This Is What Angels Really Looked Like In The Bible

If you've ever been told "You look like an angel!", you probably took that as a compliment. But a closer look at the Bible reveals that you probably should have felt insulted.

Today, there's a stereotypical look that most angels have when shown in works of art or popular culture. Generally, angels are depicted as beautiful, pale-skinned humans with wings, wearing white robes, carrying a harp, and sporting a halo. But this look is far from the actual version of angels described in the Bible. Biblical angels were generally strange, frightening creatures, ranging from human-lion-ox-eagle hybrids to floating wheels with eyes. Biblical angels struck fear into the hearts of anyone who witnessed them.

This discrepancy between Biblical angels and their pop-culture depictions has been pointed out by many internet users; it's even been the subject of a running meme throughout 2020. So, we're here to explain what Biblical angels actually looked like. Prepare for it to get weird, though as angels themselves would reassure us, "Be not afraid."

Cherubs aren't cute little babies - they're terrifying human-animal hybrids

One of the most vivid descriptions of angels in the Bible comes from the prophet Ezekiel's inaugural vision, found in Ezekiel 1. It describes two main types of angels. The first are the cherubim (which is plural; singular is cherub). Per Medium, cherubs have been assigned a variety of tasks by God, one of the most important of which is to guard the Garden of Eden.

Now, if you've heard of cherubim before, you probably don't think of them as the scary guard type; today, cherubs are typically depicted as chubby little babies. But the Bible disagrees. According to Ezekiel's vision, every cherub "had the face of a human being, and on the right side each had the face of a lion, and on the left the face of an ox; each also had the face of an eagle." If the combined faces of four different species aren't frightening enough, cherubs also have two sets of wings; one for flight, and the other to conceal their bodies. Additionally, per Medium, cherubs have straight legs and shiny bull hooves.

The Bible's frightening depiction of cherubs is a far stretch from how they're traditionally shown today. But the second type of angel described in Ezekiel 1 is even more bizarre. Meet the ophanim (singular: ophan).

Other Old Testament angels are described as interlocking wheels and covered in eyes

According to Medium, ophanim comes from the Hebrew word for "wheels." It's a fitting name, because Ezekiel's vision suggests that some of God's angels are actually floating, eye-covered wheels. Per Ezekiel 1, "Each appeared to be made like a wheel intersecting a wheel... Their rims were high and awesome, and all four rims were full of eyes all around." Further, the ophanim are said to "sparkle like topaz," and to hover in the air as they mimic the motion of the cherubim. Per Ezekiel, both the cherubim and ophanim help to guard the throne of God himself. (Given their frightening description, they're certainly good picks for the job.)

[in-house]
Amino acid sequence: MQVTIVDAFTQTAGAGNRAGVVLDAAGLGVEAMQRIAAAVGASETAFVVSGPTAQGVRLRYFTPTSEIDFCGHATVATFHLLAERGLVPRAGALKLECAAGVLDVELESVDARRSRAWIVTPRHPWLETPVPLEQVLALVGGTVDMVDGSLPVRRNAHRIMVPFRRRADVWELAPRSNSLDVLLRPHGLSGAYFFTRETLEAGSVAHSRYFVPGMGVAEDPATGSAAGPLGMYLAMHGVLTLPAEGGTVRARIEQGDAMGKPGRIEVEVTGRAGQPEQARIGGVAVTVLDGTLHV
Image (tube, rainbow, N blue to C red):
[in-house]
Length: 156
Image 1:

A different type of angel, seraphim (singular: seraph), is described in the Book of Isaiah. Per Isaiah's vision in Isaiah 6, "I saw the Lord, high and exalted, seated on a throne... Above him were seraphim, each with six wings: With two wings they covered their faces, with two they covered their feet, and with two they were flying." If you're keeping count, that means that the seraphim have one more set of wings than the cherubim, but lack the extra faces. Also, the seraphim aren't guards like the cherubim and ophanim, but rather serve to sing God's praises. Per Isaiah, as they hover around God's throne, the seraphim can be heard singing, "Holy, holy, holy is the Lord Almighty; the whole earth is full of his glory."

Messenger angels looked more like humans

Another prominent class of angels are the messengers of God. Per Blue Letter Bible, the angels that God chose to deliver his messages could take a variety of corporeal forms. Most commonly, they would appear nearly identical to a human male. This is true for the warrior archangel Michael, who first appears in the Book of Daniel. It likewise applies to the archangel Gabriel, who informed Mary that she would give birth to Jesus. In fact, most of the angels referenced in the New Testament appear to be more humanlike and tame than their frightening Old Testament counterparts. For example, Luke describes the angels at Jesus' tomb as "two men in shining garments."

This might give you the impression that the angels you see in popular culture are accurate depictions of angels as they're described in the New Testament. That's wrong. As Blue Letter Bible points out, cherubim and seraphim are the only types of angels described as having wings; messenger angels like Gabriel have none. Cracked suggests that this common misconception may have emerged from medieval artists, who used wings as a means to differentiate angels from other human characters in their art.

Similarly, Cracked explains that cherubims' depiction as flying babies was adopted from the ancient Italian art of putti, a practice by which winged babies were carved into child sarcophagi. More modern still is the idea of angels playing the harp, which was first contrived by John Milton in his 1667 epic Paradise Lost.